|Deadrise/Transom||20 deg.||Water Cap||none|
|Max Headroom||open||Bridge Clearance||N/A|
|Prices, features, designs, and equipment are subject to change. Please see your local dealer or visit the builder's website for the latest information available on this boat model.|
|Std. Power||2 x 1052cc Yamaha marine engines|
|Tested Power||2 x 1052 cc Yamaha Marine Engines|
Captain Steve Says...
Yamaha was the first builder to make the stern platform a third venue on sportboats.
The SX210 is Yamaha’s entry level sportboat. It brings a large amount of family fun to the party for relatively short money.
Prepare for Boarding...
The layout of the SX210 interior is not too startling as far as sport boats go. The bow is very roomy thanks to the deckboat style bow that has the forward seats spread apart enough to prevent knocking knees. There’s storage under the seats and drink holders in all the right places. If you’re a fan of beach boarding, the three-step bow ladder will be a big hit.
The helm features a swivel bucket seat, full instrumentation and rocker switches with circuit breakers right next to each one. Yamaha mounted the engine controls on the horizontal, which makes them much easier to use. They mount them at an angle on some of their other boats and I’m glad to see the evolution here.
The rest of the cockpit space is taken up with seating that wraps all the way around. Surprisingly absent is the port side seat with the flip back. It’s all lounge seating here, so the cockpit table is almost required for most days on the water. The upshot of having this much seating is… underneath it all is gobs of storage, in addition to a deck cooler and additional deck storage forward. This will not hold your skis and wakeboards, but this isn’t a problem here, because in the port side compartment (where you might think a head goes) is storage that runs forward under the port side bow seats. It’s more than sufficient to hold all the long toys.
Everyone tries to imitate the Yamaha transom but it is difficult because of the extremely low profile of the Yamaha engines vs. the Vortec automotive blocks used by most stern drive engine makers. Yamaha’s low profile jet drive engines eliminate the engine box. Yamaha exploits this to its best advantage and creates a stern area that has become not only the focal point of this boat, but the whole new generation of sportboats. It’s a very comfortable location for hanging out or swimming and with the table installed, it becomes a fun and unusual venue for cocktails or hors d’oeuvres.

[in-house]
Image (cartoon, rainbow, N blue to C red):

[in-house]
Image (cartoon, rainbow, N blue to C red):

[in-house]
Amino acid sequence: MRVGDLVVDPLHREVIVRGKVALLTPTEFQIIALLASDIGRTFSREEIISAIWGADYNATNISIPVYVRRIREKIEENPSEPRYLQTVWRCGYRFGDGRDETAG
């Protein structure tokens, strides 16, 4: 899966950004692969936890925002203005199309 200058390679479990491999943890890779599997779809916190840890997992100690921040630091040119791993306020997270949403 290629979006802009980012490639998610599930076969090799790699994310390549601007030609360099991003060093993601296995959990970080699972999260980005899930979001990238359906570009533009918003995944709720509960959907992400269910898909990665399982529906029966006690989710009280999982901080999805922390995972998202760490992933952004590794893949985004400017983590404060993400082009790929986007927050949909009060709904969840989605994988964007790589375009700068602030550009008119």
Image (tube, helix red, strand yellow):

In the upper level of the two tiered platform is a hatch which leads to the jet intakes. If there’s a clog, (usually sea grass of some sort) this is where it will be, and you can simply reach in and unclog (usually sea grass or some sort) )it without having to get in the water. This is a feature lacking in some of the other jet boats we’ve seen.
Engines and Construction
The SX210 is powered by two high-performance, four-cylinder, 1052cc Yamaha marine engines. Electronic fuel injection feeds each of these powerplants, providing hard-to-beat times-to-plane. The engines are connected directly to twin 155-mm hyper-flow jet pumps with three-bladed stainless steel impellers.
The bottom is a modified deep-V with a 20-degree deadrise at the transom. The hull and deck are cored fiberglass. Fiberglass stringers are fabricated separately, then laminated into the hull and injected with foam to provide extra floatation. The fiberglass liner is bonded to the hull and stringers with polyurethane adhesive and then injected with foam to provide floatation as well as longitudinal and lateral structural rigidity. The deck molding is fastened to the hull with both mechanical fasteners and polyurethane adhesive giving this semi-monocoque fiberglass structure substantial strength and rigidity.
All of these construction procedures are pretty much standard among builders of higher-priced boats. It is important to note that while the SX210 is relatively low-priced its construction regimen takes a back seat to no one.
The Yamaha SX210 has a LOA of 21’ (6.4 m), a beam of 8’6” (2.6 m), and a draft of only 16” (.4 m). She has a dry weight of 2,802 lb (1,270 kg) and she holds 50.2 gal (190 L) of fuel. Yamaha calls this their entry level watersports boat, but they obviously didn’t get the memo on what entry level means. This boat comes complete with the tower and trailer for just under $33,000. Take that number and compare it with any other boat on your short list, and the list will get noticeably shorter in a hurry.
Not only is the Yamaha SX210 a well-built boat, but since Yamaha builds everything in-house, there’s no finger-pointing between the engine maker and the boat builder if there is an engine or jet pump warranty claim. It’s all Yamaha, so that gives you peace of mind when you walk out the door. Add the safety margin of jet drives and you’ve got yourself one heck of an entry level package.
The one unusual aspect of this boat is its “U”-shaped seating in the cockpit and the absence of a swivel companion seat on the port side opposite the helm. Also there is no head compartment in this model as there is in larger-sized Yamaha boats. We suggest that buyers look at all the Yamaha models and take a test ride to determine which model is best for them.
= Standard = Optional
|Warranties change from time to time. While BoatTEST.com has tried to ensure the most up-to-date warranty offered by each builder, it does not guarantee the accuracies of the information presented below. Please check with the boat builder or your local dealer before you buy any boat.|